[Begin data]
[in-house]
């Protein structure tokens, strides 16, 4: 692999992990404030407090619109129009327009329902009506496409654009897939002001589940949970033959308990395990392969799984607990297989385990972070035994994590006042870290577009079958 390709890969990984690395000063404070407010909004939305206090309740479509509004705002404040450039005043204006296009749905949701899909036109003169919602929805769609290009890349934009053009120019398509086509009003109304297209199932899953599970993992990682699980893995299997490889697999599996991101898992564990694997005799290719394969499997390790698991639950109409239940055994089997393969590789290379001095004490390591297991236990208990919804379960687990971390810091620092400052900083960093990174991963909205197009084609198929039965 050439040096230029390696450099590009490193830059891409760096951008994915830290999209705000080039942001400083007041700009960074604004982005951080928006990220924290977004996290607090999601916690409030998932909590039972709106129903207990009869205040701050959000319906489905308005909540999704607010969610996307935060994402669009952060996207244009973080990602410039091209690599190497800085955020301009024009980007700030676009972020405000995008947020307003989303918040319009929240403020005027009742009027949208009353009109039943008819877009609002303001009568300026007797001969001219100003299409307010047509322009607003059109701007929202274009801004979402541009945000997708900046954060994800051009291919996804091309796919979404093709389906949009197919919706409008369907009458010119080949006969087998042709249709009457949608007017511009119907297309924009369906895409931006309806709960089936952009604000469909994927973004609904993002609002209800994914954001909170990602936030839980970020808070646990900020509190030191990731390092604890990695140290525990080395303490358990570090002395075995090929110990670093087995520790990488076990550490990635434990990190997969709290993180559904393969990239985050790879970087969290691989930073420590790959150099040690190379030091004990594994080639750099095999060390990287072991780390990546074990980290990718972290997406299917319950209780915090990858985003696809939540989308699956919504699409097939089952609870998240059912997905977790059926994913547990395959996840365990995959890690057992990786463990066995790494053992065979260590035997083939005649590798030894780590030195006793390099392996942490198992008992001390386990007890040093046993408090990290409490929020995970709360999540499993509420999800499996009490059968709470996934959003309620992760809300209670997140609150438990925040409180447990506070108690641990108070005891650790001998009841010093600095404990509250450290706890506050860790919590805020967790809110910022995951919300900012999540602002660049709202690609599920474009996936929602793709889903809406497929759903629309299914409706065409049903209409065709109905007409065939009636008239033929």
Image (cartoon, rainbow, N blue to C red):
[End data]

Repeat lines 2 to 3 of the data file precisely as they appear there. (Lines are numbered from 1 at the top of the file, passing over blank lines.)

């Protein structure tokens, strides 16, 4: 692999992990404030407090619109129009327009329902009506496409654009897939002001589940949970033959308990395990392969799984607990297989385990972070035994994590006042870290577009079958 390709890969990984690395000063404070407010909004939305206090309740479509509004705002404040450039005043204006296009749905949701899909036109003169919602929805769609290009890349934009053009120019398509086509009003109304297209199932899953599970993992990682699980893995299997490889697999599996991101898992564990694997005799290719394969499997390790698991639950109409239940055994089997393969590789290379001095004490390591297991236990208990919804379960687990971390810091620092400052900083960093990174991963909205197009084609198929039965 050439040096230029390696450099590009490193830059891409760096951008994915830290999209705000080039942001400083007041700009960074604004982005951080928006990220924290977004996290607090999601916690409030998932909590039972709106129903207990009869205040701050959000319906489905308005909540999704607010969610996307935060994402669009952060996207244009973080990602410039091209690599190497800085955020301009024009980007700030676009972020405000995008947020307003989303918040319009929240403020005027009742009027949208009353009109039943008819877009609002303001009568300026007797001969001219100003299409307010047509322009607003059109701007929202274009801004979402541009945000997708900046954060994800051009291919996804091309796919979404093709389906949009197919919706409008369907009458010119080949006969087998042709249709009457949608007017511009119907297309924009369906895409931006309806709960089936952009604000469909994927973004609904993002609002209800994914954001909170990602936030839980970020808070646990900020509190030191990731390092604890990695140290525990080395303490358990570090002395075995090929110990670093087995520790990488076990550490990635434990990190997969709290993180559904393969990239985050790879970087969290691989930073420590790959150099040690190379030091004990594994080639750099095999060390990287072991780390990546074990980290990718972290997406299917319950209780915090990858985003696809939540989308699956919504699409097939089952609870998240059912997905977790059926994913547990395959996840365990995959890690057992990786463990066995790494053992065979260590035997083939005649590798030894780590030195006793390099392996942490198992008992001390386990007890040093046993408090990290409490929020995970709360999540499993509420999800499996009490059968709470996934959003309620992760809300209670997140609150438990925040409180447990506070108690641990108070005891650790001998009841010093600095404990509250450290706890506050860790919590805020967790809110910022995951919300900012999540602002660049709202690609599920474009996936929602793709889903809406497929759903629309299914409706065409049903209409065709109905007409065939009636008239033929």
Image (cartoon, rainbow, N blue to C red):